I say this as someone who is (kind of) on the inside: It seems, increasingly, that media football coverage could function just fine without any actual football. If anything, matches actually get in the way of everything else; the transfer gubbins, the managerial personality clashes, the players’ love lives, the Technicolour Adventures of Mario Balotelli.

You could, at a push, reduce all televised football coverage to shots of reporters shivering outside training grounds, all radio coverage to phone-ins featuring ex-pros telling a series of increasingly irate callers that they’ve never played the game, all newspaper and magazine coverage to comment pieces speculating wildly on what a certain manager might be thinking (This week – Arsene Wenger: Have I left the oven on?) and all internet coverage to anonymous keyboard warriors claiming that all TV, radio and print outlets have an agenda against their club.

When it comes to featuring shots of reporters shivering outside training grounds, Sky Sports News leads the way, particularly on transfer deadline day. It’s not an easy job, staring into a camera and talking without hesitation, deviation or excess repetition when nothing much is happening. Especially when they don’t really need to be there.

This ‘on the spot’ reporting, a technique borrowed from television news, is generally just for show. Don’t get me wrong: Those Sky journalists are still digging for stories, speaking to contacts, looking for the line that no one else has. It’s just that they’re doing most of that over the phone. Which they could just as easily do from an office.

It’s nothing new, this. And it’s a form of television reporting that has been used to a far greater degree of deception in far more serious circumstances. Alex Thomson, an experienced ITN war journalist who hosted Channel 4 News for a while, once talked of his own ‘on the spot’ reporting during the first Gulf War.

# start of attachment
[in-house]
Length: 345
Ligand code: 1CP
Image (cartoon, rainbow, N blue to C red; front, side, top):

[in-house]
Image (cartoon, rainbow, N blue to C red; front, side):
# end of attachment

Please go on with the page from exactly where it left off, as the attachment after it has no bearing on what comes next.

Thomson was stationed in Saudi Arabia during the conflict, but that didn’t mean he necessarily knew what was going on. Indeed, he acknowledged during a BBC documentary that he was sometimes relying on his bosses in London to tell him.

“One of the standard devices is the live two-way,” he said during the 1991 documentary, Tales From The Gulf. You go to your man on the spot: ‘Bill, what’s the latest?’ . . . ‘I’m informed that such and such is going on.’ The only reason they [the reporter on the spot] knew that was because they phoned their office just before going on air – and the office had read over to them the latest wire copy. I know. I did that.”
(NB: This is an abridged version of a transcript which appeared in full in ‘Getting the message: News, truth and power, edited by John Eldridge and published by Glasgow University Media Group in 1993)

As Thomson put it, “a perfectly respectable journalistic device – asking someone who was there – actually became downgraded and abused”. By comparison, a load of TV sports reporters standing outside training grounds doing live pieces to camera about possible transfers is pretty harmless, really.